Homeschooling families often have this lament: My child takes *f-o-r-e-v-e-r* to do math each day! Can anything be done??? Let’s consider for a moment exactly what the student is being asked to do, to see if we can understand why it takes so much time. (Please note: I will use *he/him/his* as generic pronouns; all of this applies equally to girls and boys.)

Beginning students are learning the fine art of manipulating numbers to learn the processes of adding, subtracting, multiplying, dividing, and learning new number-languages called fractions, decimals, percentages, measurements, and on and on. You, the parent/teacher, are probably performing calculations with a *minimum* of fifteen to twenty years’ experience, quite likely much more. What seems incredibly plain and simple to *you* may in reality be incredibly confusing to your student.

Nearly every math lesson will present the student with a new concept, or at least an expansion of a previously learned concept. This means that the student must 1) study the new idea to grasp its meaning, 2) compare this new information to his previous knowledge to see how they relate to each other, 3) experiment with a few sample problems to test out the new concept and prove his understanding of it, 4) proceed to complete the remainder of the lesson’s required problem set, which may include both problems from today’s new concept and problems from previously learned lessons as review material. Steps 1-3 can be prolonged and repeated through discussions with the teacher (you) to insure that the student understands the new material fully. Examples may be drawn on paper, chalkboard, or whiteboard. Manipulatives may be used for grouping and regrouping. Graphs, charts, geometric figures, angles, and other mathematical illustrations may be incorporated. Teaching a math lesson in a way that your student will understand it completely *can* take time. Once the lesson has been understood, the student must mentally review the concepts again with each problem to make sure he understands the process as he is working his way through all of the day’s assigned problems.

In contrast, a grammar lesson may ask the student to write a sentence using an action verb, and the student looking for shortcuts may respond with “Jim sat.” It has a subject and a verb, it shows action, and it meets all the requirements. However, math requires exactness. There are few, if any, shortcuts to be taken in math. Mathematical calculations have concrete solutions: one and only one answer. Every operation must be exact, every digit must be accurate, and every calculation must be done completely, in order for the outcome to be correct.

4321

+765

___6*Wrong.* Shortcuts do not work in math.

Some may argue that calculators provide shortcuts, but I will counter that calculators should not be used until higher math, and then only as a time-saving device by the student who is fully capable of doing the work accurately without the aid of a calculator. In the words of my favorite college math teacher, “[Calculators] are stupid. They are machines that can only do exactly what you tell them to do.” The student who accidentally pushes the wrong button will get the wrong answer. I know. I did it. On a final exam. My paper showed that I had executed the problem correctly, but in my haste to complete the problem quickly, I hit the wrong button on a very, very, *very* simple calculation and achieved the wrong final answer. My gracious teacher gave me partial credit for using the correct process, but his point was made forever that using a calculator does not automatically provide success. Every keystroke must be verified by an alert *mind*. My haste ruined what would have been a perfect score on my final — disappointing, to say the least.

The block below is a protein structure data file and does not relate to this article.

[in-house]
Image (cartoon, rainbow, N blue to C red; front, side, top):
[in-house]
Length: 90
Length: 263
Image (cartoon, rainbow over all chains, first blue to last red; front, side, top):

Back when I was plugging my way through elementary math, I had a teacher who required perfection, not merely correctness. She was a bitter old shrew of a woman who had been encouraged to stay in a classroom long past her prime and had lost all compassion for the children placed under her authoritative control; but I digress. A math problem can be solved correctly without perfectly formed digits or immaculately aligned numbers, and the existence of erasure marks on the paper has little to do with the accuracy (or inaccuracy) of the answers. When my children began doing math problems that included multiple columns of numbers, I bought them spiral notebooks of graph paper to use for their daily assignments. They could write one digit in each quarter-inch box, and the boxes kept the digits perfectly aligned. My students could focus on the place values as they copied the numbers for the problems, and then successfully solve the equation without being sidetracked by wondering if a wayward digit rightfully belonged in the tens’ column or the hundreds’ column.

Math is a sequential subject: each lesson builds upon each lesson before it. If foundational skills have been rushed and are not fully understood, each subsequent lesson will become harder and harder to grasp. Do not push your youngsters to make progress in math simply for the sake of turning pages. Be certain that each student *knows* what he is doing before allowing him to move on to the next concept. However, many enjoyable games and activities can be used to reinforce math concepts and provide practice with fun — and *using* math means *learning* math, even if you are playing a game and having fun.